Like many people, life has been throwing a lot at us over the past year or so. Much of it, it may surprise you to learn, I haven’t written about. Turns out I do have boundaries. Or limits. Or something.
One of the particularly challenging things has been my hip troubles, which, despite support from a fabulous physiotherapist and wonderful myotherapist, have been quite recalcitrant. I work hard, make progress, then get hit by something else that sets me back yet again. For example, I was very nearly back to normal mobility when I got covid in April of 2022, and the combination of being bedridden and largely immobile for too long, and the inflammation that goes with covid set me back so far I began to believe progress was impossible. My attempts to prevent pain and protect my poor abused muscles lead to a kind of cascading failure state where everything I did to try to fix one thing made something else sore. I felt quite beleaguered.
It reached the point where I was lurching like some kind of twisted, drunken, troll, and couldn’t even begin to figure out how to walk normally anymore. At some point along the way I purchased a walking stick, having carefully measured according to all the guidelines I could find, though I resisted using it for anything except extreme pain during travel. Unfortunately that careful measurement failed me, because none of the guides to measuring reminded me to wear shoes. The only stick I could find that was tall enough was only tall enough (and it was marginal) when I was in bare feet. Like most people, I wear shoes when I’m out, and a walking stick that’s too short tends to make the twisted, drunken, troll thing even worse.
When my physio suggested using a stick to train me to walk more upright, I embarked on a search for a walking stick tall enough for all 185cm of me. Sadly, the walking stick industry appears to cater exclusively to short people, and I was stumped. I managed to find a nice tall set of crutches, which my kiddo made much more palatable to me by decorating them with rebellious slogans like “Fuck da patriarchy (& the fossil fuel industry)”, “Trans Rights”, “Crazy Cat Lady”, and my personal favourite: “Warning, will attack the education system if left unsupervised. (Supervision may not be sufficient).” I felt so seen.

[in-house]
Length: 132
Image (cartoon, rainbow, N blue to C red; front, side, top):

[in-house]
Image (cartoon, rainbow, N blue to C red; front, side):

Elbow crutches, though, are tedious, especially in the heat, and tend to rub on the forearms if used for any length of time, so I was keen to graduate to a walking stick. On social media I lamented the lack of options for someone my height. Enter my amazing friend, Christian Klopfer.
Christian is the founder and proprietor of Oztables, where he makes the most extraordinarily beautiful, functional, and strong furniture you’ve ever seen. In 2020 he designed and made these glorious shelves for our living room – note how the wood grain on the front of the cupboards goes all the way across, those doors were made out of a single piece of reclaimed timber – and we have long admired his work.
Christian offered to make me a walking stick out of reclaimed timber that would be exactly the right height for me, long legs and all.
Being a meticulous sort, he carefully researched the ideal shape of both stick and head, and set to work. He chose an absolutely beautiful piece of timber (though I suspect that all timber becomes beautiful in Christian’s hands), invited me over to test drive the handle and check the height, and then finished it with careful polishing and a natural hard wax finish. I was so inspired by the final result that I used it as the centrepiece of a talk at the ATSE Activate conference.
My walking stick is a truly glorious thing that brings me great joy, and every time I use it I am reminded of the power of friendship, kindness, generosity, and sheer artistic talent. I am extraordinarily lucky in my friends. See for yourself.